US police revealed to have spent millions to buy cell phone records from carriers

December 9, 2013
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Here is yet another case pointing to the government's overarching police power and how far, or how much, it is willing to go to gather intelligence about its citizens. US Senator Edward Markey has disclosed that, based on figures coming from major US carriers themselves, law enforcers have spent more than $26 million last year to buy information from these telecommunications companies.

The numbers alone should worry anyone. The government was able to acquire information on an estimated 1.1 million mobile network customers. That's not including the dumps from 9,000 cell towers that would have given law enforcers access to every logged number within a base station's range. Moreover, the carriers financially benefited from this information gathering spree. T-Mobile was reported to have gained $11 million, AT&T $10,298,000, and Verizon under $5 million.

According to ACLU's legislative counsel Christopher Calabrese, the problem is that current legislation has not yet evolved to include protection of mobile devices and the information stored within them. This has made these devices, which, more often than not, contain a great deal of personal information, ripe for the picking. It is also worrying that telcos are almost too helpful in providing such information to the government. All they need to see, in some cases, is a warrant, whether justified or not.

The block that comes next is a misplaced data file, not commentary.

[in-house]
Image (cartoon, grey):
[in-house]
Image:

There is a need, therefore, for laws to be yanked into the present age to take into account current information technology trends and advancements. Senator Markey, who is calling for a sort of 4th amendment for the 21st century, is planning to push for legislation that will not only protect citizens' information but will also set a standard for their retention and disposal.

VIA: The Register


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